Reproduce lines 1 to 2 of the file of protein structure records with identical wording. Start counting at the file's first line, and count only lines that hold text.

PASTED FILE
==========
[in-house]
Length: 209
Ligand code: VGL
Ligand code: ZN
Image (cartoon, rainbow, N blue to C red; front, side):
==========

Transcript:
[in-house]
Length: 209